Malian troops backed by foreign air power will lead the assault to recapture Timbuktu and other northern cities from al-Qaeda-linked militants, under a battle plan now being considered, Malian army sources said yesterday.
The Economic Community of West African States (Ecowas) is expected to submit the plan to the United Nations Security Council for approval, paving the way for war in Mali’s vast desert amid fears the region could become a terrorist training ground.
“International forces will not do the ground fighting. That role will belong to the Malian army,” said a military source.
“Air strikes will be the responsibility of the international force,” he said, adding foreign partners would also provide logistical and intelligence support and soldiers and police to secure areas captured by the Malian army.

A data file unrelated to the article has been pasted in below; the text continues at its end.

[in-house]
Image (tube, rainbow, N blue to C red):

Military planners from Africa, the United Nations and Europe in Mali’s capital Bamako last week drew up a battle plan that would involve a foreign force of more than 4,000 personnel, mostly from West African countries.
It remains unclear how much of the force would come from Western nations. The plan covers a six-month period, with a preparatory phase for training and the establishment of bases in Mali’s south, followed by combat operations in the north.
Mali fell into chaos after a coup in March that toppled the president and left a power vacuum that was quickly exploited by rebels to take over the north.
The head of the International Committee of the Red Cross (ICRC) warned on Thursday that a military intervention in northern Mali would have a high humanitarian cost.